liz claiborne CodeofEthicsandBusinessPractices2003

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  • 1. PAUL R. CHARRON LIZ CLAIBORNE INC. CHAIRMAN OF THE BOARD 1441 BROADWAY CHIEF EXECUTIVE OFFICER NEW YORK, NY 10018 T 212-626-3500 F 212-626-1803 Dear Fellow Associate: The most highly respected companies are praised not only for their financial results, but also for the strength of their ethics and business practices. At Liz Claiborne, Inc., we have always maintained a high standard of ethics. Our reputation for ethics and integrity, however, will be judged by our actions - on how each associate conducts our Company’s business each day. The following pages present the updated Liz Claiborne, Inc. Code of Ethics and Business Practices. It outlines the high ethical standards that we support and details how our associates should conduct themselves. The Code also highlights areas of the law we all must comply with. I ask that each of you read the Code carefully and refer to it for guidance. It is each associate’s responsibility to comply with the Code in all respects. While laws and business customs may vary in the different countries and cultures in which we operate, our common goal is, and must be, to follow our standards in every place we do business. To oversee our ethics and business practices program, we have formed an Ethics and Business Practices Committee, comprised of Robbie Karp, Senior Vice President, Corporate Affairs and General Counsel, Larry McClure, Senior Vice President, Human Resources and Michael Scarpa, Senior Vice President, Chief Financial Officer. The Code cannot cover every situation where choices and decisions must be made. There are numerous other Company policies, many of which are included in our Associate Handbook, and other Company rules and procedures that should be used as references. In many cases, good common sense is our best guide. When in doubt, please reach out for assistance to your supervisor, Human Resources, the Legal Department or members of the Ethics and Business Practices Committee. In addition, we have set up a hotline at 1-800-753-3030 to enable you to report any issues on an anonymous basis. HONESTY, INTEGRITY, RESPECT AND ACCOUNTABILITY have always been core values of Liz Claiborne, Inc. We should all strive in executing our responsibilities to do what is right and appropriate, continuing to make our Company one that each of us can be proud of. I know I can count on each of you to adhere to the Company’s high standards and continue to build on the stellar reputation of our Company. Sincerely, Paul R. Charron Chief Executive Officer and Chairman of the Board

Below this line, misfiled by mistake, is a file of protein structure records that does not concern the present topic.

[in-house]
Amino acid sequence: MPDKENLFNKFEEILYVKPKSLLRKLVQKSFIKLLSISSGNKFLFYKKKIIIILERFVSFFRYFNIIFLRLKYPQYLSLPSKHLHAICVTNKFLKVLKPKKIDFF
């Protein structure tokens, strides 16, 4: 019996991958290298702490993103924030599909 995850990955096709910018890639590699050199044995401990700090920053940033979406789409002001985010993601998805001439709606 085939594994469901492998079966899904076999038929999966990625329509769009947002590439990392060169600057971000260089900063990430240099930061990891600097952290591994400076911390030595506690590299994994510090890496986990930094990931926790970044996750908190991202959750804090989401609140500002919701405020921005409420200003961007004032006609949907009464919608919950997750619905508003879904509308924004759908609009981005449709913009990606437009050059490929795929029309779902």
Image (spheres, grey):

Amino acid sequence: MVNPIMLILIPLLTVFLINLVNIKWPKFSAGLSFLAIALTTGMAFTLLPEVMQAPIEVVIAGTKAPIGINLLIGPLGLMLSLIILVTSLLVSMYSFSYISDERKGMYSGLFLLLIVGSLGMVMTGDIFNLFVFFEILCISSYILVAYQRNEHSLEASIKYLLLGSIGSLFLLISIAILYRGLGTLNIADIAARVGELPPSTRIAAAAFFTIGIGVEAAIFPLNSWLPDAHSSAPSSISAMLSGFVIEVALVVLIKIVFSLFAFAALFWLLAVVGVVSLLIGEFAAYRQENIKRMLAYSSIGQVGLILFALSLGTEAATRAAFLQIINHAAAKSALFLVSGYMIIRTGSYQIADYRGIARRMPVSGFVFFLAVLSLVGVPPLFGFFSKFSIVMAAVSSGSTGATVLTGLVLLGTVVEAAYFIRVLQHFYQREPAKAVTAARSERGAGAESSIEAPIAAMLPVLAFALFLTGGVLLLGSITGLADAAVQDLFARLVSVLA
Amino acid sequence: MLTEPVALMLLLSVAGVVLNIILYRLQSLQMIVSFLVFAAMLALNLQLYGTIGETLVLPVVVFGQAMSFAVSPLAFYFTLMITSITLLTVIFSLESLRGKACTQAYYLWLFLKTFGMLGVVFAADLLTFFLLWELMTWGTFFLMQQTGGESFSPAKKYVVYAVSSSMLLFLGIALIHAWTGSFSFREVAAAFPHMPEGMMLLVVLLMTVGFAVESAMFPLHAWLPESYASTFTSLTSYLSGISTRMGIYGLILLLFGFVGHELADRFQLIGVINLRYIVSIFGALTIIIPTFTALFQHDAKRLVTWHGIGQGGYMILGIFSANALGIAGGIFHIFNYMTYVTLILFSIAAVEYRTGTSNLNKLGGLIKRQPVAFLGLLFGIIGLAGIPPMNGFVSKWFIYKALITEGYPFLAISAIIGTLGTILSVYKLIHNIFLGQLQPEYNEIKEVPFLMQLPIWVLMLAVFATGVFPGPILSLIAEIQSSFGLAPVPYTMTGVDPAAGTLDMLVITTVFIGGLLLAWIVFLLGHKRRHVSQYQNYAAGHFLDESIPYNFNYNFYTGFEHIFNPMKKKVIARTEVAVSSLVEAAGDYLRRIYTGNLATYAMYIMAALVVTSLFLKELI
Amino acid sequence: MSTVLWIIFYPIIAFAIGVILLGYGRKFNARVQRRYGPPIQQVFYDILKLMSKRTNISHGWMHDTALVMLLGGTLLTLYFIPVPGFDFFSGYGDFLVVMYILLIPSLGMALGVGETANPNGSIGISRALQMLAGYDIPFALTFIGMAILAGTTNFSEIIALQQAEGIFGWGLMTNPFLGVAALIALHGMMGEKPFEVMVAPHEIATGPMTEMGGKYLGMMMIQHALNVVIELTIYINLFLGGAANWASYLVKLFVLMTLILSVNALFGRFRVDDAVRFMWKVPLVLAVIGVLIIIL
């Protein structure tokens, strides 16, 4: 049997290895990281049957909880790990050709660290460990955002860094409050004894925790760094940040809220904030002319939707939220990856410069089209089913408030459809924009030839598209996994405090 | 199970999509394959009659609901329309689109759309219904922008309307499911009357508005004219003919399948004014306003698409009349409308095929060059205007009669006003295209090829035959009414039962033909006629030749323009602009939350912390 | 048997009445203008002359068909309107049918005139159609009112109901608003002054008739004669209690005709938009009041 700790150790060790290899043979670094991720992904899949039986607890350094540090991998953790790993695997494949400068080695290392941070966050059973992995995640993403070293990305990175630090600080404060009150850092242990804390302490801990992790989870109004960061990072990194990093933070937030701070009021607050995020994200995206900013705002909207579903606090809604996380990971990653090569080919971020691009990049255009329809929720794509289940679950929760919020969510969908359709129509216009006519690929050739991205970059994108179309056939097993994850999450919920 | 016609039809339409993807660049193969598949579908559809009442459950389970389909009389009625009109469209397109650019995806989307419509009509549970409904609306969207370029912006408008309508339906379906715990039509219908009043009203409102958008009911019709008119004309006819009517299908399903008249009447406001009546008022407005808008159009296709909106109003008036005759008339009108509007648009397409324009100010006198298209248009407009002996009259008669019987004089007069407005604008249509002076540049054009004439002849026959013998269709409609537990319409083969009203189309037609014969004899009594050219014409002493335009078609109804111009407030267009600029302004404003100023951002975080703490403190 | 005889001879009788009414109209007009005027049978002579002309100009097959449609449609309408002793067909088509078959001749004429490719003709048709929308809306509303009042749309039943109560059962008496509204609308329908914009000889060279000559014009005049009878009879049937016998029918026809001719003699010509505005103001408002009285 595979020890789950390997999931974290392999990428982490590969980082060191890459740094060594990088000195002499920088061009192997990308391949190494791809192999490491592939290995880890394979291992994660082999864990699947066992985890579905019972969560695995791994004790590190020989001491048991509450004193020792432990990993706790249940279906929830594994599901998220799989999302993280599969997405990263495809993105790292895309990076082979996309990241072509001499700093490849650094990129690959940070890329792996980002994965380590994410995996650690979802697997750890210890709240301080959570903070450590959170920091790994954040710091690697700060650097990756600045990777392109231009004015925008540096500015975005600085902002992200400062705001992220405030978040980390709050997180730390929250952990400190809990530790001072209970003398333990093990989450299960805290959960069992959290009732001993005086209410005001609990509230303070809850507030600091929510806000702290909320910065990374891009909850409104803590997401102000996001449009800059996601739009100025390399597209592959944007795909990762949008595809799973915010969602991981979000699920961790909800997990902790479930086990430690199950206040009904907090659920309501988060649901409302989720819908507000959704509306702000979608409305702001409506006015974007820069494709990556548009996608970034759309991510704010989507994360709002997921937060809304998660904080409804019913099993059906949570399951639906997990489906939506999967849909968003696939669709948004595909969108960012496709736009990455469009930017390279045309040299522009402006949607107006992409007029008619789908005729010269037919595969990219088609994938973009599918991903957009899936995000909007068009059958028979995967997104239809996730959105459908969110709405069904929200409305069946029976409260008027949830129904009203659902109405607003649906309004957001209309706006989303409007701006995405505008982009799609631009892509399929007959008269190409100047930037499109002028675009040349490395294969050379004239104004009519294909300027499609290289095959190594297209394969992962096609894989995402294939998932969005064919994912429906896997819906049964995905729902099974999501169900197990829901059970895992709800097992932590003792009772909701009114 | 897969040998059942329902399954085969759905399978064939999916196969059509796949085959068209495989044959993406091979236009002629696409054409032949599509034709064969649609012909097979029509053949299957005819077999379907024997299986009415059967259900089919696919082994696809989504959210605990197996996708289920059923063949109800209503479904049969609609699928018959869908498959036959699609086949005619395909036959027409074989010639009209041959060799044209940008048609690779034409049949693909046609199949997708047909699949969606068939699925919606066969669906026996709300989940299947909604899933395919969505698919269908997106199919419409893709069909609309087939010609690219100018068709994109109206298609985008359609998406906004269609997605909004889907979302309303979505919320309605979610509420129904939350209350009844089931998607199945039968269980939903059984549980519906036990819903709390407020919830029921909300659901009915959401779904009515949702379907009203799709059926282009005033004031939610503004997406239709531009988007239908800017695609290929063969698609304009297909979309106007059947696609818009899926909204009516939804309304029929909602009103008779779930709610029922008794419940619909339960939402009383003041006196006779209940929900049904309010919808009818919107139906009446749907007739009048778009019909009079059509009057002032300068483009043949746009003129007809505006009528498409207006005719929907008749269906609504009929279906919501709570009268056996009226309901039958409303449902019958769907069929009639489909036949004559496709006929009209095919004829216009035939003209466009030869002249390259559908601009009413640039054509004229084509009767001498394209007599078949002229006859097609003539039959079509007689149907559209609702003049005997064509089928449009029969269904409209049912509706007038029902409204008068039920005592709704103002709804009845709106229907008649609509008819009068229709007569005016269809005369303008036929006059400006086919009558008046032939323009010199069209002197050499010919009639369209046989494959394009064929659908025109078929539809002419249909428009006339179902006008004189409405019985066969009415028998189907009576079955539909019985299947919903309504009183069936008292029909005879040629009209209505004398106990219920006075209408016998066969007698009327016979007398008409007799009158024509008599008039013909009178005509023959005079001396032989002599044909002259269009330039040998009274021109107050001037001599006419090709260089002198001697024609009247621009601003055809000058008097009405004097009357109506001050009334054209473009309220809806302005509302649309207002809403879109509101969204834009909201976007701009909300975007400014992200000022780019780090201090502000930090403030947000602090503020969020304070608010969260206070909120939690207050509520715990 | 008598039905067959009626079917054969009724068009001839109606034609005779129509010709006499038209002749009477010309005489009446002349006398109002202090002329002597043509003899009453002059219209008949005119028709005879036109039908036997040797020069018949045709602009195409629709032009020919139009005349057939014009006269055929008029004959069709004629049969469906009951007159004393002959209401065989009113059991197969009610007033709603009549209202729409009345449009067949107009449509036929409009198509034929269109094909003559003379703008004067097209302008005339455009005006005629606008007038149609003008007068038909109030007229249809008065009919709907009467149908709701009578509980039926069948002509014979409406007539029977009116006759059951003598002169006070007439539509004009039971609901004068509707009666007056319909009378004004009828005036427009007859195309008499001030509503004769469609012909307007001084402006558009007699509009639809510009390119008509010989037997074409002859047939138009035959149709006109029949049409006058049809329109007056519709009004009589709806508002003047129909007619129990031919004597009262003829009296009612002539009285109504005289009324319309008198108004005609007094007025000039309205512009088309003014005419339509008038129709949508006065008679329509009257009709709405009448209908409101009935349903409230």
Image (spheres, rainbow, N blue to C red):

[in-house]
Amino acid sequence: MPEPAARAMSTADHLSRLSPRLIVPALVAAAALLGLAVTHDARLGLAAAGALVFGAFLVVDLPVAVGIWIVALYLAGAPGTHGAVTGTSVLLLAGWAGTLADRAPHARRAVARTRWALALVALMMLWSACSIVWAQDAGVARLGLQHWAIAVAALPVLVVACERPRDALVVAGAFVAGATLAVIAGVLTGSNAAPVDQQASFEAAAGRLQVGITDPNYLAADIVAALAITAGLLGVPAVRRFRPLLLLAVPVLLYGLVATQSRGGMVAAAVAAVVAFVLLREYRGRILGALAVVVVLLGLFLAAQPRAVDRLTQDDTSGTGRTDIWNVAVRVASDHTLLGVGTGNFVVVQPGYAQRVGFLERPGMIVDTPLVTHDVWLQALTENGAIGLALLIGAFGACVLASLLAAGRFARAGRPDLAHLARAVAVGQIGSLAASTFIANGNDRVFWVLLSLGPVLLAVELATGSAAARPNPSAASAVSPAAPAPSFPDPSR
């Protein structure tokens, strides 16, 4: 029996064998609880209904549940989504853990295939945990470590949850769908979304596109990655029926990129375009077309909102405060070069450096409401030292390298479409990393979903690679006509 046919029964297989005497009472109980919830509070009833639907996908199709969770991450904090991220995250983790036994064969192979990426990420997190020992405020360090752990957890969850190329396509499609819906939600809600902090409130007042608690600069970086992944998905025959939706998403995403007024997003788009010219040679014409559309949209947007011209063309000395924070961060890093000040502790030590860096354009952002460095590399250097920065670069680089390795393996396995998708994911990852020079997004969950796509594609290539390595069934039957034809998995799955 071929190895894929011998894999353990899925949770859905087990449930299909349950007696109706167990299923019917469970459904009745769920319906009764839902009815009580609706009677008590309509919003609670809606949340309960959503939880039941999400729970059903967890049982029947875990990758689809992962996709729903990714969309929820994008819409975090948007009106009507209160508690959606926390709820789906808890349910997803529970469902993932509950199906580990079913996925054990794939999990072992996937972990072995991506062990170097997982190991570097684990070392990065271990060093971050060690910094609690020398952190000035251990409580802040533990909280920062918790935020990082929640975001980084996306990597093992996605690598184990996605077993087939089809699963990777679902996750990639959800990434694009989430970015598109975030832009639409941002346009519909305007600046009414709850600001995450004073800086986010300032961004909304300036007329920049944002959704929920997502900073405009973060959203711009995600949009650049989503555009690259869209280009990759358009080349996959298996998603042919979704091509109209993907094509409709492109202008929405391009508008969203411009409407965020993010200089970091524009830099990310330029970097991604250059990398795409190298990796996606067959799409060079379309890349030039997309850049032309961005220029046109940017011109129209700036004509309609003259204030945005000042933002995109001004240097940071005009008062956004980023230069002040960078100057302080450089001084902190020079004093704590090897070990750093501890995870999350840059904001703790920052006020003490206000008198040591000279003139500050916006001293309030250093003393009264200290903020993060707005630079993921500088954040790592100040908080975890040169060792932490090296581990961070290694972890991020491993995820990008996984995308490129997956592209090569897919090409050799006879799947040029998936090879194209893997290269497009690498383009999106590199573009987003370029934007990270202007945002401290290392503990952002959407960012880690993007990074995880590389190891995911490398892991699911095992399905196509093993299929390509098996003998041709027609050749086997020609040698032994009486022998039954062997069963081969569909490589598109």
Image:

• 2. CODE OF ETHICS AND BUSINESS PRACTICES
  • 3. Table of Contents INTRODUCTION............................................................................................................... 1 OUR GENERAL PRINCIPLES ......................................................................................... 1 OBLIGATIONS OF EACH ASSOCIATE......................................................................... 1 Understand The Code And The Law ............................................................................. 1 Comply With The Code, Company Policies And The Law........................................... 2 Communicate Actual Or Suspected Violations.............................................................. 2 How Can You Be Sure That You Are Doing The Right Thing? ................................... 3 POLICIES AND PRACTICES ........................................................................................... 3 CONFLICTS OF INTEREST ............................................................................................. 3 COMPANY INFORMATION, RECORDS AND PROPERTY ........................................ 5 Confidential Company Information ............................................................................... 5 Maintaining Accurate Books And Records.................................................................... 5 Bribes And Kickbacks.................................................................................................... 6 Using Or Representing The Liz Claiborne Name .......................................................... 6 Company Systems: Electronic Media And Services....................................................... 6 Privacy Of Personal Information .................................................................................... 7 Corporate Opportunities.................................................................................................. 7 CONDUCT IN THE WORKPLACE.................................................................................. 7 Equal Employment Opportunity And Affirmative Action............................................. 7 Sexual And Other Workplace Harassment .................................................................... 8 Violence In The Workplace ........................................................................................... 8 GOVERNMENT AND REGULATORY INVESTIGATIONS AND LEGAL ACTIONS AND PROCEEDINGS........................................................................................................ 9 FAIR DEALING................................................................................................................. 9 COMPLYING WITH LAW ............................................................................................. 10 IMPORT REGULATIONS; CUSTOMS.......................................................................... 10 GLOBAL SOURCING AND HUMAN RIGHTS............................................................ 10 ANTITRUST AND COMPETITION LAWS .................................................................. 11 Relationships With Customers..................................................................................... 11 Relationships With Competitors .................................................................................. 11 Relationships With Suppliers....................................................................................... 11 INSIDER TRADING AND COMMUNICATIONS WITH SECURITIES INDUSTRY PROFESSIONALS AND STOCKHOLDERS ................................................................. 12 PAYMENTS TO GOVERNMENT OFFICIALS; FOREIGN CORRUPT PRACTICES ACT................................................................................................................................... 12 INTELLECTUAL PROPERTY: COPYRIGHTS, TRADEMARKS AND PATENTS... 13 POLITICAL ACTIVITIES AND CONTRIBUTIONS .................................................... 13 HEALTH, SAFETY AND THE ENVIRONMENT......................................................... 14 MARKETING, ADVERTISING AND PRODUCT LABELING.................................... 14 ANTI-BOYCOTT LAWS................................................................................................. 14